So I’m new to blogging…but here’s my starter for ten.
Famous people love tax avoidance. Game of Thrones characters, despite being mythical, are no different. Some of their main attempts explained below:
– As hand of the King, Tyrion is part of the government. This enabled him to claim Casterly Rock as his primary residence, and his lavish King’s Landing property funded as a second home by the taxpayer.
– He managed to argue that all expenditure on alchemist wages and materials for the Wildfire used in the Battle of the Blackwater qualified for R&D relief.
– Tyrion’s father Tywin handed Casterly Rock down as a potentially exempt transfer for IHT. Whilst Tyrion resents his father, he’s hoping the old man outlives gift by 7 years to avoid IHT on his death.
– As the North is a “disadvantaged area”, the Starks were able to gain NIC holidays on salaries for their troops, enabling them to fund an army cheaper than their enemies.
– Ned’s proud of living at Winterfell. What’s less well known is he was moved there by the council after having a sufficiently large family (including bastard sons and hostages) that they outgrew all the local council houses.
– As any Stark will tell you, “Winter is coming”, so Ned and his family are very grateful to Gordon Brown for bringing in the winter fuel payment.
– Daenerys does not live on Westeros, so is not tax resident there, giving her many tax benefits.
– She was careful to receive the dragon eggs as a gift from her husband only after their marriage. This meant they were exempt from capital gains tax as a transfer between spouses.
– Now the dragons are growing and increasing in value, she’s convinced HMRC that dragon rearing is a trade rather than investment. This is vital, as it means on any future disposal they’ll benefit from entrepreneurs relief.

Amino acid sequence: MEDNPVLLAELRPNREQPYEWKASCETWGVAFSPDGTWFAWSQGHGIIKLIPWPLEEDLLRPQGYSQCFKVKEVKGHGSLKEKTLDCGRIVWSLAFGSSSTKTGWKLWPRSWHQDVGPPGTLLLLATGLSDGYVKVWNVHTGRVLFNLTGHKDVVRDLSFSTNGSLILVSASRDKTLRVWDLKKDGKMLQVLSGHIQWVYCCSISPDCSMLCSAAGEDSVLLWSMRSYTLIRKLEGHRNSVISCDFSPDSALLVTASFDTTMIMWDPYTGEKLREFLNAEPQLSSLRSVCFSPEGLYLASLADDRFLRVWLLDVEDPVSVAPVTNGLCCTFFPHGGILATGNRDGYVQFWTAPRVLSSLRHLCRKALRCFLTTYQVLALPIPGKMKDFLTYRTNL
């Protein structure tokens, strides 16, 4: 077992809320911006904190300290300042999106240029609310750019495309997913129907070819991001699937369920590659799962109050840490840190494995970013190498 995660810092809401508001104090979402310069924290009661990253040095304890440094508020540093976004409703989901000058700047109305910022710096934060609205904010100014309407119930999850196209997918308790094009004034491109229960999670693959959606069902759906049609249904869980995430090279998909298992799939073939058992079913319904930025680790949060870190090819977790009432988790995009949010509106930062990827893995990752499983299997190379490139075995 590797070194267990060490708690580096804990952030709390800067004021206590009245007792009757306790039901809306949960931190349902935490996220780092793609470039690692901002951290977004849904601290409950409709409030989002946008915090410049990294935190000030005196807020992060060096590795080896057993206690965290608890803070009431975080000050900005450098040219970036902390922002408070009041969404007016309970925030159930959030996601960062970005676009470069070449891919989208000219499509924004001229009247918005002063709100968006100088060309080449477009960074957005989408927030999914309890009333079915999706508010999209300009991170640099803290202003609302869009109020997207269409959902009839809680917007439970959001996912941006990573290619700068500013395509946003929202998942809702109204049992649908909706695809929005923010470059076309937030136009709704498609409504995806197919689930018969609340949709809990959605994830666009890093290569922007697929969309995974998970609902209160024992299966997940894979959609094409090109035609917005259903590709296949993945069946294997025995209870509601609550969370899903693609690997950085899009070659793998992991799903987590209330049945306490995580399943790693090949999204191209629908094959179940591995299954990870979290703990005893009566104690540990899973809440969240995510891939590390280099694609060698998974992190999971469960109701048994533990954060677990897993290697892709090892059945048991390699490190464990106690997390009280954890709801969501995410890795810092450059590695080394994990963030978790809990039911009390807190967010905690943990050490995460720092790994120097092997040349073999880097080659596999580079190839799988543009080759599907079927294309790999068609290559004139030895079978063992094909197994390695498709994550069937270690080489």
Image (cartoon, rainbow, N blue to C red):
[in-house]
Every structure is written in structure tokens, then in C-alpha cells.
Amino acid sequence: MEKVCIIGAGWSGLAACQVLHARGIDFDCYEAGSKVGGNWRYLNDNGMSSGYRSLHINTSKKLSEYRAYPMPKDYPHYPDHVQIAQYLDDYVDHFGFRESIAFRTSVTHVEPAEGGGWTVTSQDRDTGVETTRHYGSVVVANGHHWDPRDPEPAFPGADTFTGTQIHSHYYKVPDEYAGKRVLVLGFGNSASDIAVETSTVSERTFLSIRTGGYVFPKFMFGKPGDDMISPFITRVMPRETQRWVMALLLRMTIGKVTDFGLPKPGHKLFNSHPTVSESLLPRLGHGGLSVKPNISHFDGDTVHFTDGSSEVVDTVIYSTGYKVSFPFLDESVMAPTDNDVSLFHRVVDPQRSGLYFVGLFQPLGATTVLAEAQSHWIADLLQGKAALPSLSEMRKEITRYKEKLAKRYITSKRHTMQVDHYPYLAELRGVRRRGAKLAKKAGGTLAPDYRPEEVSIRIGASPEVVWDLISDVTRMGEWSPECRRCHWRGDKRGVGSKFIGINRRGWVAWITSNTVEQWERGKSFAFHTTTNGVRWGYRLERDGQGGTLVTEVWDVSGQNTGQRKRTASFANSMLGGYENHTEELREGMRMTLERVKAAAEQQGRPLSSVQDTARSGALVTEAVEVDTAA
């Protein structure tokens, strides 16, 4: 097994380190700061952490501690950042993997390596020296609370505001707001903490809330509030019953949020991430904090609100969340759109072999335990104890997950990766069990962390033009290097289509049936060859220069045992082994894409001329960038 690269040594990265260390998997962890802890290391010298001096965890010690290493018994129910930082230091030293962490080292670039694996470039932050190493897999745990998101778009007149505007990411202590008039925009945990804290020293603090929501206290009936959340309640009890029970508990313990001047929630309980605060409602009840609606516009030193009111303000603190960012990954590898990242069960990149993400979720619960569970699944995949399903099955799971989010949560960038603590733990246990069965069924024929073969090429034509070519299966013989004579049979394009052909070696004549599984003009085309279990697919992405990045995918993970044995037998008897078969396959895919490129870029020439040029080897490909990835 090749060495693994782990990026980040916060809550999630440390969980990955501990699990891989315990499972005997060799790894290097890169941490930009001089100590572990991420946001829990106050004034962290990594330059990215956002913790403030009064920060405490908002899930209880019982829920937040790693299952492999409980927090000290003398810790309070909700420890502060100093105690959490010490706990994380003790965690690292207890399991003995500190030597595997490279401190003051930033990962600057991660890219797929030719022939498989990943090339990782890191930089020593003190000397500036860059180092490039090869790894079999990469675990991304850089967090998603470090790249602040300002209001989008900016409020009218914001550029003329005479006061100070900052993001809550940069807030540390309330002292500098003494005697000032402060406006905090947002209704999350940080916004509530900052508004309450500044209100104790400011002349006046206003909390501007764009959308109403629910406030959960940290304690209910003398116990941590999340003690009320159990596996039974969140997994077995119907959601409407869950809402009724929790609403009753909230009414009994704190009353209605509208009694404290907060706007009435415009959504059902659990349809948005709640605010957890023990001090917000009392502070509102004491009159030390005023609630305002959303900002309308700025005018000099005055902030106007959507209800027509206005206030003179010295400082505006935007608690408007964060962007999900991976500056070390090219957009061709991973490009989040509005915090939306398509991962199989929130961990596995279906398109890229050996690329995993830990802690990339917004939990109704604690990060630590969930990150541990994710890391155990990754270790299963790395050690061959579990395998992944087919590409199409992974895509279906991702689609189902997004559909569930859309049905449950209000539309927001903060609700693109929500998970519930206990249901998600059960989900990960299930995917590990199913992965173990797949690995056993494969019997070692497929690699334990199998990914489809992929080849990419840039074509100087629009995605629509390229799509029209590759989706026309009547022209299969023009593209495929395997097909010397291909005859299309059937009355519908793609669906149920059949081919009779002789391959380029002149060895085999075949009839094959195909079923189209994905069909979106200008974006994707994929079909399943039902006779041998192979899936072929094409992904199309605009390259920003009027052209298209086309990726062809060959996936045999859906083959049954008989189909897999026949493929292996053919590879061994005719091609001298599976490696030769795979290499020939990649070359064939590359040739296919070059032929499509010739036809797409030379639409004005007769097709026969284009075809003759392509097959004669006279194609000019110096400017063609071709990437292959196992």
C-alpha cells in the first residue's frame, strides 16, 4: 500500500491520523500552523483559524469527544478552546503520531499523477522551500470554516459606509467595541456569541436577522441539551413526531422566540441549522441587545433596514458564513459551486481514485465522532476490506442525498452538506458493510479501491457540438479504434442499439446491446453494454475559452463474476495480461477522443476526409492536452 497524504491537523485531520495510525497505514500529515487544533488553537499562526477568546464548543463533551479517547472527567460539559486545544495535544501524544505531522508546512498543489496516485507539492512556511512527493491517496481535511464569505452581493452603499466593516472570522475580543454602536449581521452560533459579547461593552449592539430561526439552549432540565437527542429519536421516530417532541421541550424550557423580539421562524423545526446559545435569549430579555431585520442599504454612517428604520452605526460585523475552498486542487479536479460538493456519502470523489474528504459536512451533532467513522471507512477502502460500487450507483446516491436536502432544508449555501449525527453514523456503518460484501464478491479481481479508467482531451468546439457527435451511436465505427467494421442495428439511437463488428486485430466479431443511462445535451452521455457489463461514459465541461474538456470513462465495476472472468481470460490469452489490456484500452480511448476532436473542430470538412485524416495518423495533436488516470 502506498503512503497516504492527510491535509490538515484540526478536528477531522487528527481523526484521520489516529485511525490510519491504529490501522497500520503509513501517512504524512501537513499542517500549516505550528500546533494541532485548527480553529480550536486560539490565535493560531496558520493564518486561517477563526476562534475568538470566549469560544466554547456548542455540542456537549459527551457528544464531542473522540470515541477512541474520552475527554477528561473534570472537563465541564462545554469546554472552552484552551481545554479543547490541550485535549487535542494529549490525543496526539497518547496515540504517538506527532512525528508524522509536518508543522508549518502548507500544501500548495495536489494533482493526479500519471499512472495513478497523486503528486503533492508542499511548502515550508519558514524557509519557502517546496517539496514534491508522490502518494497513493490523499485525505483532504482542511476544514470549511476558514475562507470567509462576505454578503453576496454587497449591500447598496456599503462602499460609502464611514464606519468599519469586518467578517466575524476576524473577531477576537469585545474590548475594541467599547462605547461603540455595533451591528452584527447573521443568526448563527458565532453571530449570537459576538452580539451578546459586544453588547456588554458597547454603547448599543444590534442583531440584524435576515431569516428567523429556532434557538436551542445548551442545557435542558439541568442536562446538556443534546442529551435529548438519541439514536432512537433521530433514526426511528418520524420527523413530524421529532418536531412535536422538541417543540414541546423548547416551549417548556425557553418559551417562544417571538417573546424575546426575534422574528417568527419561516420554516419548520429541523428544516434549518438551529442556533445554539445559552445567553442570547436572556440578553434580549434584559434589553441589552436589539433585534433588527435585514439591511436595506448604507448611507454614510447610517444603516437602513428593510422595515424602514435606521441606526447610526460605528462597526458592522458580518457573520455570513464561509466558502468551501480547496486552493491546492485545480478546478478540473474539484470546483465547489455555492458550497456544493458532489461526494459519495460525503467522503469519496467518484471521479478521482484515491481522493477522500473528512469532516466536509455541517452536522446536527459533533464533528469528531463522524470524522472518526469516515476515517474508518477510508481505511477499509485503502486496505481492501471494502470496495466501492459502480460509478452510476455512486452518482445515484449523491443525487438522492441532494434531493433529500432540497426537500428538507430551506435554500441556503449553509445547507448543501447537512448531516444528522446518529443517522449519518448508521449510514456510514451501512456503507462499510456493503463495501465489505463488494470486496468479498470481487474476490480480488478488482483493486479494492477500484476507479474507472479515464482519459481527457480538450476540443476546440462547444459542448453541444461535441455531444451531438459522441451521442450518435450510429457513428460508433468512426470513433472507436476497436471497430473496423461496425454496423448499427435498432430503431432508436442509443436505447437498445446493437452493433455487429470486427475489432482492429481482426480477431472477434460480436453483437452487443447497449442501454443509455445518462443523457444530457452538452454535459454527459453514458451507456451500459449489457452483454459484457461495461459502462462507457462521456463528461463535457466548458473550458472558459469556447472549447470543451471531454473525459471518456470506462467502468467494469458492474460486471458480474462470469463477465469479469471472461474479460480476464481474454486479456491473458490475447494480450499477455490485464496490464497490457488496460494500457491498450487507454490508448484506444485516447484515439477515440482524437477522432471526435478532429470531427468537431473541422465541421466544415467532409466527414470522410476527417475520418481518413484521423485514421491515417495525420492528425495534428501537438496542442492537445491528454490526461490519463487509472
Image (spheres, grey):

– Theon is a “non dom” as he was born on the Iron Islands and retains family there, but having lived on Westeros for a while he is tax resident. This enables him to choose whether or not to use the remittance basis.
– Having recently had his manhood removed, Theon is looking to see what additional disability benefit this may entitle him to. Relative to other characters his disability is minor, but he’s still trying to argue it reduces his earning potential.
– Petyr’s income mostly comes from his brothels. Whilst evasion rather than avoidance, as most transactions are in cash, he keeps a lot of the profit off the books, thus out of the taxman’s hands.
– The above hasn’t proved too much of a problem for Tyrion or Theon, regular visitors. They don’t ask for a receipt as they know full well that even the best tax advisers in the Seven Kingdoms can’t justify a prostitute as a tax deductible expense.
– Jon took the “cut off your nose to spite your face” attitude to tax avoidance. By becoming a member of the Night’s Watch he gave up any entitlement to land or riches, meaning there’s less for him to pay tax on.
– A benefit of the Night’s Watch is that living accommodation on The Wall is considered necessary for proper performance of his duties. This enables him to pay for it out of his pre-tax income.
The above is in no way endorsed by HBO, images courtesy of GameofThrones wiki.